The NRA is scum.
With that caveat out of the way, liberals really need to rethink the knee-jerk blame we pile on top of that scum. If we want to pass sensible gun legislation, we’ve got to understand what’s really in the way: Our representatives.
But the representatives are in the NRA’s pocket, right? They get paid big money to block any type of gun control, no matter how rational and noninvasive! The NRA is a powerful lobbying group that essentially legally bribes legislators for political support.
Surprise: Not really.
It might shock you to learn that GOP obstructionism isn’t about money. And it’s not about blackmail or dirty politicians. Well, not entirely. Of course many politicians are dirty, and of course many wield their power as leverage to get stuff they want, such as money from powerful lobbyists. The central reason for their behavior, however, is much more simple: Votes. (And if you insist on clinging to your cynicism, I give you the wisdom of Scarface: First you get the votes; then you get the power; then you get the money.)
And guess who those voters are? That’s right: Right-wing jerks. But here’s the good news: Ninety percent of Americans support background checks, so the happy truth is that we can in fact send candidates to Washington who will finally do something to change our gun laws. The sad truth is we don’t seem to want to. This isn’t the NRA’s fault. It’s our fault.
Let’s break this down.
The NRA does not, as Jimmy Kimmel once so felicitously put it, “have the GOP’s balls in a money clip.” At least not literally. The NRA might indeed spend money on compliant legislators, but it doesn’t even rank in the top fifty in terms of lobbying spending. And those numbers are from 2016, an election year. The Washington Post recently tallied the NRA has given a total $3.5 million to people currently serving in Congress. Since 1998. Total.
For a concrete election example, in 2014, an election year, the NRA gave about $1 million to GOP Senator PACs. That same year, the NRA raised a total of $67 million. The numbers are even more telling at an individual level. Vox reported that GOP Senator John Cornyn, a hard-right gun-rights tool from my state of residence, Texas, has over the past decade received $30,000 from the NRA. Decade. In the election year mentioned above, 2014, the NRA actually gave Cornyn more money than it did any other GOP senator: $9,900. That same year, Cornyn raised $14 million. Exxon gave him $57,000, more than six times the NRA’s contribution, which, remember, was the most it gave any Senator that year. The NRA wasn’t even among Cornyn’s top 15 donors.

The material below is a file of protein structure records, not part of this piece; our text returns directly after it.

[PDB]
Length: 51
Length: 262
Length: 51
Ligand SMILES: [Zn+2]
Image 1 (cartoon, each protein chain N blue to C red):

The GOP might indeed pay a price for crossing the NRA, but it’s not a literal price. Which brings us to the next myth.
To be sure, the NRA pays politicians. And to be sure, those politicians, who are overwhelmingly Republicans, vote the way the NRA wants them to vote. But that isn’t necessarily because the NRA wants them to vote that way. It’s really because their base wants them to vote that way.
First, that Washington Post stat about campaign spending cited above is a little misleading. It counts only direct contributions, and the NRA doesn’t only pay its pols directly. The group spends far more in indirect support, as this New York Times piece rightly points out. When you take into account indirect spending on campaigns, on things such as ads, the NRA spends many millions more.
Though this might seem like the group does indeed bribe politicians with election spending, these aren’t bribes. More accurately, it’s the opposite: They’re threats.
Let’s look at Cornyn again.
Why would the NRA only give Cornyn $9,900 in direct contributions, as compared to Exxon’s $57,000? Because they know Texas gunowners wield the power. It should go without saying that most people don’t withhold votes from candidates because of how they vote on the finer points of energy policy. Exxon knows this, too. Same with the other major lobbying groups, such as the pharmaceuticals. If a group can’t depend entirely on the people to put favorable legislators into power or energetically support favorable policies, that group has to find other, secondary ways to wield influence. Hence the major direct spending.
The NRA doesn’t pay GOP candidates such as Cornyn directly because it doesn’t have to. Payment of that kind is the recourse of the politically weak. The NRA pays its candidates in the primary political currency: Votes. In this light, that indirect spending, such as ad buys, isn’t actually a bribe. That spending goes to rally voter support or smear candidates, and because gun rights are such a major issue, especially for GOP voters, this can make or break election chances.